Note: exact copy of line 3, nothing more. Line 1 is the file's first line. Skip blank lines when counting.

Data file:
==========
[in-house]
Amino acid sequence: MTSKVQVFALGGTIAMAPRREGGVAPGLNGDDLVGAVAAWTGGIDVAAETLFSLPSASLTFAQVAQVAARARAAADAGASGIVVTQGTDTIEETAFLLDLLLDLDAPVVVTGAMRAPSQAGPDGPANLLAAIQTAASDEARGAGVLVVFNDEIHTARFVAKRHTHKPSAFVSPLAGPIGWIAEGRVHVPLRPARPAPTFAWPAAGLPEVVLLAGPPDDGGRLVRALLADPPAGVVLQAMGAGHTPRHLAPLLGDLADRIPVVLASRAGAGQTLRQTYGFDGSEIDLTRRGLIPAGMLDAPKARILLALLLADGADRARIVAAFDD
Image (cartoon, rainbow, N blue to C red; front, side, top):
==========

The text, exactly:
Image (cartoon, rainbow, N blue to C red; front, side, top):